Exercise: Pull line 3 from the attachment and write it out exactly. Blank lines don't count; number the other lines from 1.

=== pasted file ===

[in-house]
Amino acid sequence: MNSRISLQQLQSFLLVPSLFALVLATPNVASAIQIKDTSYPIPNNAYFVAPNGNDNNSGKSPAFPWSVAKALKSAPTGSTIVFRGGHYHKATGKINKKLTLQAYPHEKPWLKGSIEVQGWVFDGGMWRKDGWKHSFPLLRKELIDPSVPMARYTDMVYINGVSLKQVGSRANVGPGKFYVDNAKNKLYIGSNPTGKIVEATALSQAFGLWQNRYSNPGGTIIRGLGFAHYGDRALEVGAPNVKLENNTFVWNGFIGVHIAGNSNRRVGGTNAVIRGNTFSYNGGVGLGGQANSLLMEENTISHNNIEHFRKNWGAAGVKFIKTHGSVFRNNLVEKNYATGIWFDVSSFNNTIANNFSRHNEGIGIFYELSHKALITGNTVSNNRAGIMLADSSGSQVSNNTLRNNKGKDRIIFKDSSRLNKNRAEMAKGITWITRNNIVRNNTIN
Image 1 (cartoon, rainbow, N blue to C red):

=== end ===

Image 1 (cartoon, rainbow, N blue to C red):